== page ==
Physical scaling laws enable small machines to be highly productive
Molecular manufacturing will use small machines to assemble small parts, starting at the molecular level and working up. Is this a good idea, or does it have disadvantages, such as inefficiency or low productivity? To examine this question, let’s consider what elementary physical scaling laws (Nanosystems, Chapter 2) say about productivity and efficiency.
(Note: “zetta” = 1021.)
The goal is to show how various physical parameters vary with scale. As a reference point, the first column (above) describes a hypothetical meter-scale assembly mechanism with round-number parameters: It is a meter-scale, 100-kg device with a single arm that executes one cycle per second, placing a 1 kg part, operating with a friction loss of 100 W. The subsequent columns describe arrays of similar mechanisms, holding total volume constant while varying the size and speed of the individual units. (Please note that these arrays are not complete manufacturing systems, which must include mechanisms for materials transport, power supply, cooling, control, and so forth.)
What are the key scaling laws? Consider the second column, showing 8 mechanisms, each of 1/2 meter size. The overall density of parts is the same, hence the mass is unchanged. Holding material stresses constant (and likewise the ratio of motion frequencies to resonant frequencies), the motion speed (in m/s) is unchanged. Since each motion covers only 1/2 the distance, however, the motion frequency doubles to 2 cycles per second, giving the 8 arms a total assembly rate of 16 parts per second. Each part is 1/8 as large, however, so the throughput is only doubled, to 2 kg/s.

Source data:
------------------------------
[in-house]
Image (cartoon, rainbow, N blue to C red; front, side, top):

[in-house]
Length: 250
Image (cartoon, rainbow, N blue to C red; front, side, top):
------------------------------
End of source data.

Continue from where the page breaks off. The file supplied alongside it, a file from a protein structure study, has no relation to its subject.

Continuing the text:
In atomically precise bearings, friction forces (due chiefly to phonon effects) scale like viscous drag: the force per unit area is proportional to speed, and the frictional power per unit area is proportional to speed squared. The 1/2 size mechanisms in the second column operate with unchanged speed but doubled area, hence friction losses double to 200 W.
Another friction loss results from conversion of kinetic energy to heat when arms (and parts) brake to a halt. This is well under 100 W in the meter-scale system. Like bearing losses, braking losses double in the 1/2 size mechanism, but for a different reason doubling the frequency doubles the number of braking cycles per second. Holding size constant, braking losses scale as the cube of the speed: a square factor from the kinetic energy times a linear factor from the frequency of motion.
The third column (in warning-red) shows the extraordinary results of scaling the mechanisms to 107 m, holding speed constant: a throughput of 107 kg and 1028 parts per second. It also shows a fatal flaw common in naïve schemes that fill macroscopic volumes with high-speed nanomachines the large bearing area results in unacceptably high power dissipation: 1 GW.
A standard engineering response to excessive power dissipation is to reduce speed. The fourth column (in OK-green) shows the effect of dropping the speed of motion (and hence the frequency) by a factor of 103. Since bearing friction losses scale as the square of the speed (and braking friction as the cube), a 103 reduction in speed cuts power dissipation by at least 106, to a modest 1 kW. The throughput is now (merely!) 104 kg and 1025 parts per second. For perspective, total world-wide semiconductor production only recently passed 1018 transistors per year.
Physical scaling laws thus give a clear answer to the question of whether using small machines to assemble small parts makes sense from the perspectives of efficiency and productivity: Efficiency can be good, and productivity can be enormous, whether measured by mass or by numbers of parts. To understand what these simple physical scaling results imply for actual production, however, requires an analysis of complete molecular manufacturing systems.
What are complete molecular manufacturing systems like?
What is molecular manufacturing?
A similar analysis and illustration appears in:
Drexler, K.E. (1995) “Molecular manufacturing: perspectives on the ultimate limits of fabrication” Phil. Trans. R. Soc. London A 353:323-331.